If you’re short on time (I know I am), I’ll get right to the point: editing my pattern stash turned out surprisingly well.
The trick in editing my stashes, I’ve found, is designing a process that’s intuitive and easy (are those the same thing?) and that helps me do something better than before.
The process has to be intuitive, so I understand it; easy, so I actually do it; and helps me accomplish something that matters, so that it’s worth the trouble–worth the trouble of executing the process, but also designing it, which has been the real bugbear.
But on to the results.
Using the rating system I devised, I assigned one to five stars to each of 200 patterns.
- 5 stars: I’ve made these and they were successful. Keep.
- 4 stars: I haven’t made these, but they’re flattering and I love them. I can definitely imagine making them. They would work in my wardrobe. Keep.
- 3 stars: I haven’t made these. I’m ambivalent about something here: some features are flattering and some aren’t; the style might work or it might not. These would probably never be tops on the sewing to-do list. Are these worth keeping? Look at these again and decide.
- 2 stars: I haven’t made these. Something is a dealbreaker: the style no longer suits me, or I now know that’s not a flattering silhouette, or this duplicates other patterns. Out they go.
- 1 star: I have made these. Face it: they’re duds. Maybe they’re fixable, but I will never make it top priority to fix them. I’d rather choose a different pattern. Bye-bye.
The 3-star pile was the most interesting and instructive. Seeing all the 3-starred ones together, I could see similarities in design features that just didn’t work for a triangle figure like mine:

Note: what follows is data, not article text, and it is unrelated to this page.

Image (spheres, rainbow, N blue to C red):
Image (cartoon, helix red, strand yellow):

- Insufficient shoulder definition: dropped shoulders, kimono sleeves, raglan sleeves
- Little or no waist definition
- Features that drew the eye down or just didn’t draw the eye up
- Too much design ease
I saw styles I wouldn’t wear now; I wasn’t that person anymore, if ever I had been.
Some patterns looked costumey to me now.
Whenever I found myself saying “There are better choices,” I paid attention.
Given how many 4-star patterns I have sitting on the bench begging to be put into the game, when would I ever sew the 3-stars? Like that famous New Yorker cartoon, how about never?
Because I understood why I was keeping what I was keeping and weeding what I was weeding, I had no second thoughts and no regrets.
I hadn’t set out to weed out a certain number. It came to about 60, or about 30 percent, just using this star rating process.
When I looked at the keepers, their winning qualities stood out all the more for not being lumped together with the ones that were only pretty good. For me, that’s the ultimate value of an edit: to clarify what interests and inspires me the most, and identify the resources–the fabrics, buttons, and patterns–that are the best matches.
There was another unexpected result from this edit: I changed how I arrange my pattern catalogue.
Years ago, to sidestep the problem of choosing one category for a multi-garment pattern, I arranged patterns by year. But I realized recently that arranging my patterns by year emphasizes the historical period of the garments, which doesn’t help me plan a wardrobe.
When I want a coat, I should be flipping to the coat section of my catalogue and examining all my coat choices regardless of the era.
In a couple of instances, it turned out, did I want to put a pattern into a couple of garment categories: both “Jackets” and “Tops,” for example. In those cases I can just make an duplicate page.
What I had feared–that my catalogue would be the size of an unabridged Webster’s dictionary–has not materialized.